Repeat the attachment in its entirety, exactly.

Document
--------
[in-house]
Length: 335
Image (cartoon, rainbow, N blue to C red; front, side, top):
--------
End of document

[in-house]
Length: 335
Image (cartoon, rainbow, N blue to C red; front, side, top):